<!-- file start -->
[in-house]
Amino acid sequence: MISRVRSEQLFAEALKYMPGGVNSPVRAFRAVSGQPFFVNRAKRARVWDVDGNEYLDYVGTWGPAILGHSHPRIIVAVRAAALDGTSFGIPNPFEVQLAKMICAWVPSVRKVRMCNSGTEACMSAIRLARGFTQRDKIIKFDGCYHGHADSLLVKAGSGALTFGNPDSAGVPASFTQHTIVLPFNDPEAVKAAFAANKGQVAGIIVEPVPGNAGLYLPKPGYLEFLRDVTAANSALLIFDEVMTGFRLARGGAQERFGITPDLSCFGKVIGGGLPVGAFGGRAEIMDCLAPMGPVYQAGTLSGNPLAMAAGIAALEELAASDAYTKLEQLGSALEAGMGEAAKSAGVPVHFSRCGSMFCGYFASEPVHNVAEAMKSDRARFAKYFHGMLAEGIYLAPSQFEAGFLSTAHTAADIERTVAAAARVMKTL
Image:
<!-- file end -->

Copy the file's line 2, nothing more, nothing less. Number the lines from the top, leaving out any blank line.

Amino acid sequence: MISRVRSEQLFAEALKYMPGGVNSPVRAFRAVSGQPFFVNRAKRARVWDVDGNEYLDYVGTWGPAILGHSHPRIIVAVRAAALDGTSFGIPNPFEVQLAKMICAWVPSVRKVRMCNSGTEACMSAIRLARGFTQRDKIIKFDGCYHGHADSLLVKAGSGALTFGNPDSAGVPASFTQHTIVLPFNDPEAVKAAFAANKGQVAGIIVEPVPGNAGLYLPKPGYLEFLRDVTAANSALLIFDEVMTGFRLARGGAQERFGITPDLSCFGKVIGGGLPVGAFGGRAEIMDCLAPMGPVYQAGTLSGNPLAMAAGIAALEELAASDAYTKLEQLGSALEAGMGEAAKSAGVPVHFSRCGSMFCGYFASEPVHNVAEAMKSDRARFAKYFHGMLAEGIYLAPSQFEAGFLSTAHTAADIERTVAAAARVMKTL